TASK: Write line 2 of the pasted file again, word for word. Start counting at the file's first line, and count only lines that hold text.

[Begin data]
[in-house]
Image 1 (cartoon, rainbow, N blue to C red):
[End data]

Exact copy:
Image 1 (cartoon, rainbow, N blue to C red):